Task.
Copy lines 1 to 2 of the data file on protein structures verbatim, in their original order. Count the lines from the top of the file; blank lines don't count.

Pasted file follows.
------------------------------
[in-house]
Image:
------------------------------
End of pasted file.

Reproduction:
[in-house]
Image: